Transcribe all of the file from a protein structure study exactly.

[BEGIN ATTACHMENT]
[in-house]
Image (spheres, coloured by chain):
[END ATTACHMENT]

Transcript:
[in-house]
Image (spheres, coloured by chain):